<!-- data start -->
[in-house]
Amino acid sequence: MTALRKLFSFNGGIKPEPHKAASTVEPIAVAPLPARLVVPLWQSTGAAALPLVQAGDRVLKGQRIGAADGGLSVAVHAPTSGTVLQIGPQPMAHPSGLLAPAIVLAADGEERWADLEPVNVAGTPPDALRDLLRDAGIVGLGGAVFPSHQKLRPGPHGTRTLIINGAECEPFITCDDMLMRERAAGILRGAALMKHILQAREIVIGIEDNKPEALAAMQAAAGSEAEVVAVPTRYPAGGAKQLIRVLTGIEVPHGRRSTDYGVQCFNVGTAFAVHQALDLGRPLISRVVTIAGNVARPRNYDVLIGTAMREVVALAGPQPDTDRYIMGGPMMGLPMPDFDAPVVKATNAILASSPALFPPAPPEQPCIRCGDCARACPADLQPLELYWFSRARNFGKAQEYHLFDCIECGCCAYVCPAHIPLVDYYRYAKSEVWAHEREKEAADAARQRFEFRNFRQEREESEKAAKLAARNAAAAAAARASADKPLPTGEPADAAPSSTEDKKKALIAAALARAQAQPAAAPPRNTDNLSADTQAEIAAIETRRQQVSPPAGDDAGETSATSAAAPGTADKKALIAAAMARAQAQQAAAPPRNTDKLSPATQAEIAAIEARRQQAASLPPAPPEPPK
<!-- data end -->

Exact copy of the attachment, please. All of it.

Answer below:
[in-house]
Amino acid sequence: MTALRKLFSFNGGIKPEPHKAASTVEPIAVAPLPARLVVPLWQSTGAAALPLVQAGDRVLKGQRIGAADGGLSVAVHAPTSGTVLQIGPQPMAHPSGLLAPAIVLAADGEERWADLEPVNVAGTPPDALRDLLRDAGIVGLGGAVFPSHQKLRPGPHGTRTLIINGAECEPFITCDDMLMRERAAGILRGAALMKHILQAREIVIGIEDNKPEALAAMQAAAGSEAEVVAVPTRYPAGGAKQLIRVLTGIEVPHGRRSTDYGVQCFNVGTAFAVHQALDLGRPLISRVVTIAGNVARPRNYDVLIGTAMREVVALAGPQPDTDRYIMGGPMMGLPMPDFDAPVVKATNAILASSPALFPPAPPEQPCIRCGDCARACPADLQPLELYWFSRARNFGKAQEYHLFDCIECGCCAYVCPAHIPLVDYYRYAKSEVWAHEREKEAADAARQRFEFRNFRQEREESEKAAKLAARNAAAAAAARASADKPLPTGEPADAAPSSTEDKKKALIAAALARAQAQPAAAPPRNTDNLSADTQAEIAAIETRRQQVSPPAGDDAGETSATSAAAPGTADKKALIAAAMARAQAQQAAAPPRNTDKLSPATQAEIAAIEARRQQAASLPPAPPEPPK